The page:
WASHINGTON ( TheStreet) -- Anti-Wall Street rhetoric features prominently in the race to represent Ohio in the U.S. Senate, with the Republican and Democrat candidates both trying to score points on the bailout backlash front.

There's trumped up, populist propaganda aplenty on both sides. Democrat Lee Fisher blasts the "reckless abandon" of Wall Street while Republican Rob Portman spouts off about "greed and lack of accountability" of the bankers.

Looking past all this noise, there are actually some pretty clear differences in what these two politicians are proposing to do to Wall Street. Fisher talks tough about breaking up the big banks and blocking bonuses, while Portman expresses concern about preserving bank competiveness even as he hammers on the need for tighter regulation and greater transparency.

Fisher wants to reinstate the law separating investment trading and commercial deposit banking. This would hit banks like JPMorgan Chase ( JPM) and Bank of America ( BAC), which became even more deeply engaged in investment banking when they took over some of their struggling peers in the heat of the financial meltdown. JPMorgan bought Bear Stearns and Bank of America bought Merrill Lynch.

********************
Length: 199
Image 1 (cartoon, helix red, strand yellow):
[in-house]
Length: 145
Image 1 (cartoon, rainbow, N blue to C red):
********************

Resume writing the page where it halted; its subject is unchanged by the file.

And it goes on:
Portman supports greater banking scrutiny, but he also warns that "Congress should not impose overly burdensome regulations that will forfeit banking business to overseas competitors." Portman favors "reasonable risk/capital rules" for investment and commercial banking and more rules to govern the kinds of derivatives impugned during the mortgage meltdown.

There are two companies, however, that Portman wants to cut down in size: Fannie Mae ( FNMA) and Freddie Mac ( FMCC). He supports measures to reduce their size "to ensure they do not contribute to a future financial crisis."

If you liked this article you might like

Bank Stocks Move Higher Ahead of Federal Reserve Meeting

CEOs Focused on Tax Reform, Business Roundtable Survey Says

All Eyes on the Godfather of Central Banking as Fed Has Huge Meeting This Week

Chase Hires Amazon Customer-Service Exec as Digital's Rise Reshapes Branches

Here Are Monday's Hottest Stocks as the Dow Reaches New Records